While we didn’t stay in Osaka, with it being so close to Kyoto we visited a few times during our week in the Kansai area. While 30 minutes on the train in Perth might only get you from Perth to Joondalup, this time on a high speed train from Kyoto will find you in a whole other world. While Kyoto was all temples and mountains, Osaka smacks you in the face with its bright lights and big crowds. We did manage to find some zen moments away from the crowds though, and also took the time to visit the port city of Kobe which was an unexpected delight.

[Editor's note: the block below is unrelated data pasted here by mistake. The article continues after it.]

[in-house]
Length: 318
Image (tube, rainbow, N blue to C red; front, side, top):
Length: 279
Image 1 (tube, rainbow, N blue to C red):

The first day I spent in Osaka was mostly on my own, as Ollie had plans to sleep in and then catch a soccer game in Osaka, before we met up for dinner. As much as I say time and time again that I would like a relaxing holiday, I am usually up pretty early because I just cant stand the thought of missing out on half a day in a brand new city. I started my day at Kiji Sky Okonomiyaki, which is hidden away in the basement of the Umeda Sky Building. The basement is an interesting space, set up to look like the streets of an old Japanese town complete with lanterns, paved ‘streets’ and full on shopfronts.